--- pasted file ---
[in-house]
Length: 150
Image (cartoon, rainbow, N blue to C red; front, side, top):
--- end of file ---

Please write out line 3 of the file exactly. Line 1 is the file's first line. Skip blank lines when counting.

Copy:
Image (cartoon, rainbow, N blue to C red; front, side, top):